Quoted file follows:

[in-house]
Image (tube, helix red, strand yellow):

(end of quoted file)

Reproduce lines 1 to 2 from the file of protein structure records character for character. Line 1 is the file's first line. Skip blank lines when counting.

[in-house]
Image (tube, helix red, strand yellow):